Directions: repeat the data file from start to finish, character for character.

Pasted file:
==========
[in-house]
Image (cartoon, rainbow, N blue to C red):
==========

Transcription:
[in-house]
Image (cartoon, rainbow, N blue to C red):